Updates in Mining
Asteroid Mining Closer to Reality
Astroforge, a company focused on mining the galaxy, has completed a critical test and last major hurdle in their mission to send a vessel to an asteroid. The company successfully test fired rockets and now plans to send a spacecraft as part of a SpaceX rocket launch in early 2024, according to Forbes. If successfully commercialized, mining asteroids could provide a much-needed wealth of the materials required for the transition to a low-carbon economy. NASA is also in the process of launching a spacecraft to an asteroid. The information-gathering mission is named after the target asteroid, Psyche.
Advancements in Lithium Batteries
Researchers at Sweden’s Chalmers University of Technology have discovered a way to recover 100% of the aluminum and 98% of the lithium from spent electric vehicle (EV) batteries while minimizing cobalt, nickel, and manganese losses. Research around the process, which doesn’t rely on expensive or toxic chemicals, is ongoing, according to Mining.com.
On the production side of batteries, Monash University has developed a lithium-sulfur battery that is smaller, lighter, and reduces the amount of required lithium. The battery design improves on existing technology with more energy per unit volume, a longer lifespan, and a price tag half that of lithium-ion batteries.
Ghana’s First Lithium Mine
According to Reuters, Ghana has approved its first lithium mine in an effort to cash in on the move to electric vehicles. The Ministry of Lands and Natural Resources granted Barari DV Ghana Limited, a subsidiary of Atlantic Lithium Limited, an Australian company, a 15-year lease for a mine on Ghana’s southern coast.
Major Changes Coming to the Graphite Market
China, the world’s leading graphite producer, is tightening their control over exports of the essential material used in the batteries of electric vehicles. Many in the industry anticipate the move will serve as a catalyst in developing graphite mining and processing operations outside of China. The length of time required to bring these operations to fruition, however, is likely to keep China dominant for the next several years. Read more at MiningWeekly.com >>.
Updates in Fertilizer
USDA Making Progress on Domestic Fertilizer Production
The U.S. Department of Agriculture recently highlighted progress made in the agriculture industry’s effort to increase innovative domestic fertilizer production, as well as to grow food through double cropping. In addition, seventeen additional projects were awarded funding totalling $52.6 million as part of the Fertilizer Production Expansion Program, which aims to increase domestic manufacturing and advanced technologies, as well as lower costs for farmers.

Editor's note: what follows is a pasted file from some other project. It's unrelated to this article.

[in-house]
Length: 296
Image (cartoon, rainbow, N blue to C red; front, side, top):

Urea Production With Lower Energy? Maybe
A new study from the School of Mechanical, Medical and Process Engineering is potentially paving the way to low-energy urea production. A team of researchers theorizes that they can synthesize urea by reacting nitrogen and carbon monoxide with a graphene-based catalyst under room temperature and atmospheric pressure conditions. Compared to traditional urea synthesis, the energy requirement would be significantly lower. The team is now working toward practical application of their theory. Read more on AgNews >>.
Updates in Chemical
New Research on Reducing Emissions in the Plastic Industry
Research coming out of the U.S. Department of Energy’s Argonne National Laboratory shows that the use of advanced recycling (pyrolysis) for post-use plastics could reduce greenhouse gas emissions in the industry. The pyrolysis oil generated during recycling can subsequently replace fossil ingredients in the production of new plastics (specifically low-density polyethylene/LDPE and high-density polyethylene/HDPE), reducing greenhouse gas emissions by up to 23 percent. The study analyzed eight U.S. facilities converting postuse plastics to new plastics. Read more from Argonne National Laboratory >>.
Biochar Could Play Significant Role in Addressing Climate Change
An article published in the journal Biochar quantifies the potentially significant role biochar could play in reducing emissions. Noting that carbon dioxide removal technologies must be implemented immediately, the authors name the production of biochar as one of the few methods available that could be deployed at the scale required to address climate change within the next ten years. Read the study >>.
New Catalyst Advances Energy Storage
A team of researchers at City University Hong Kong has developed a catalyst that could open new opportunities in renewable energy storage by facilitating efficient and cost-effective energy storage as hydrogen, according to Chemical Processing. Historically, a barrier to storing energy as hydrogen has been the need for expensive and rare platinum in catalysts, but the newly developed catalyst minimizes platinum use. Imperial College of London conducted extensive testing on the catalyst, anticipating it could help meet the UK’s goal of reaching 10GW of low-carbon hydrogen production capacity by 2030.
Chemical Industry Advises Against Overregulation
Congressional testimony on October 18 saw advocates for the chemical industry, including American Chemistry Council President Chris Jahn advise against overregulating the industry, claiming the current administration is putting policies in place without sufficient scientific evidence. The industry is worried that several pieces of legislation proposed by the EPA will stifle innovation and cut economic competitiveness. Read more from Chemical Processing >>.
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